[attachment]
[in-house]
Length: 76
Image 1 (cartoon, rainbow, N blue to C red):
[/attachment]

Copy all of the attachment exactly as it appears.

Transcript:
[in-house]
Length: 76
Image 1 (cartoon, rainbow, N blue to C red):